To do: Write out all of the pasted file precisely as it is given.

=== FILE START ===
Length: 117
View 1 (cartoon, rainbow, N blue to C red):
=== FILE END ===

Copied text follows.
Length: 117
View 1 (cartoon, rainbow, N blue to C red):